Jonathan Brown in The Independent:
“Death,” observed Wystan Hugh Auden, “is the sound of distant thunder at a picnic.” Now more than three decades after his demise, an ominous rumble of discontent is emanating from the direction of the late poet’s family, friends and admirers over how he should be remembered.
February next year marks the centenary of W H Auden’s birth, but it is feared the date is in danger of passing largely unnoticed and unremarked in his native Britain. The BBC admitted yesterday that in contrast to the star-studded celebrations marking Sir John Betjeman’s centenary this year, it had yet to commission any programming in honour of Auden.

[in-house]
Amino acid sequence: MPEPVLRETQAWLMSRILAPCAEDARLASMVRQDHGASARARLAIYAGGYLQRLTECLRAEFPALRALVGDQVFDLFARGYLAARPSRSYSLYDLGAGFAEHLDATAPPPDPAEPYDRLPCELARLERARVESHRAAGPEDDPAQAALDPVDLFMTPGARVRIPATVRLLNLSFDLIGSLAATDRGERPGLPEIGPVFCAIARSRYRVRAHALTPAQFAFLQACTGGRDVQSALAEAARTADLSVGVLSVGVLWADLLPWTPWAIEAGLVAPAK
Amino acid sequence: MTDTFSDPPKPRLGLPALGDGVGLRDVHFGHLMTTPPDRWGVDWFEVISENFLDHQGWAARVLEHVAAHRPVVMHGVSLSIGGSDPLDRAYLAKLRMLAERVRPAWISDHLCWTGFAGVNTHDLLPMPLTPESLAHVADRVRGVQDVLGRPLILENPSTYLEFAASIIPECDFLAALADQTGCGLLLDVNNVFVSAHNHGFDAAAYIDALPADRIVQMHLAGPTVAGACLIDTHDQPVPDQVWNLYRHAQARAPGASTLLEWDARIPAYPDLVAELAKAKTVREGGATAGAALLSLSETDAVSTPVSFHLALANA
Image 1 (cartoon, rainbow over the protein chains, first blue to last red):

And much to the dismay of the poet’s niece, overtures to the Royal Mail to issue a stamp celebrating the life of the author of Night Mail and his work for the groundbreaking GPO film unit, had been turned down flat.